For New Zealand, climate change lifted the threat of wildfires behaving the way they are now across the Tasman.
While rural fires cause about $100 million in damage in this country each year, what's called extreme fire presents an entirely new threat.
That's because their unpredictable and dynamic conditions could put firefighters at greater risk, particularly if the fire spreads behind them.
Conditions that increase extreme fire risk include mid to high temperatures, low humidity and wind speeds gusting at 50km/h to 70km/h.
These include spotting, where embers and other particles are hurled ahead of the fire front, fire tornadoes and whirls, and "blow-up" conditions, where the inferno suddenly escalates in size and intensity.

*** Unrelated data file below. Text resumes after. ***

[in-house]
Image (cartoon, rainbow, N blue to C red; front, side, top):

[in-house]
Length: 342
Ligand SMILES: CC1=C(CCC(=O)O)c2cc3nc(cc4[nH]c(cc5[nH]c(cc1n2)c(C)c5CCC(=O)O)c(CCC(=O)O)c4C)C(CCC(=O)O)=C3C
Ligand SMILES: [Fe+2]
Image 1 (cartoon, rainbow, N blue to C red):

The few cases of extreme fire that New Zealand has seen over recent years have all been dramatic.
They included a fire that scorched 90ha of land near Hanmer Springs in 2016, the devastating Port Hills fire near Christchurch in 2017, and the big blaze that tore across 35km of Nelson's Pigeon Valley in February.
Under climate-change scenarios projected to deliver several degrees of average temperature increase and stronger and more frequent westerly winds, the number of extreme fires will double or treble by the end of the century - perhaps even by 2050.
Population growth, more people moving to rural areas, and a changing landscape bringing different fuel sources, such as wilding pines, would push the danger yet higher.